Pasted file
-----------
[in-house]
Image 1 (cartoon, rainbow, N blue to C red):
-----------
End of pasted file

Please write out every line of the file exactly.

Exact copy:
[in-house]
Image 1 (cartoon, rainbow, N blue to C red):